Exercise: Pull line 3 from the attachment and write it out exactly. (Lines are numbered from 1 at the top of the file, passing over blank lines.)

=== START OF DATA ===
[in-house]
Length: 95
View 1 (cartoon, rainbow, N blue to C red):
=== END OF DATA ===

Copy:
View 1 (cartoon, rainbow, N blue to C red):